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  • My grandmother's funeral was today. She died peacefully, in her own home, at the age of 93.

    Although the event is poignant, there is some much beauty and joy incorporated as well. It begins with the trip to the funeral home. You get in the car and drive to wherever the service may be; mine was 4 hours away in Connecticut. This time permits many meaningful conversations. It is a time to talk about the the effect on your life that this person has had. Good or bad, they have taught you nonetheless.

    In celebrating the life of someone deceased, you must admire the life that surrounds you at the services. The attendants are of all different ages and walks of life. The dichotomy of the ages is tremendous! I directed my attention from her friends to her great grandkids (one of whom is 90 years younger than her). In this room, people are united and she was basking in the ambiance. People are happy to be alive and well.

    Then we went to the mass, which is certainly solemn, but in this time you value who you are, where you are (in life), and those that surround you. And yes you must say your goodbyes to a friend, a grandmother, and an educator, but there is so much that you say hello to. In doing so, you are executing exactly what they would have wanted you to. Your life goes on with the thoughts of them instilled.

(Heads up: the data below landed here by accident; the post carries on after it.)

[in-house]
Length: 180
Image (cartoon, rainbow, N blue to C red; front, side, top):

From the church we went back to her house, where we all gathered for a meal. This time is extraordinary in its atmosphere. The people range from siblings to complete strangers and that's magnificent! This make for such eclectic conversation. As different as you may be, you are in the same place, at the same time, for the same reason.

    Rest in Peace, Nonni.

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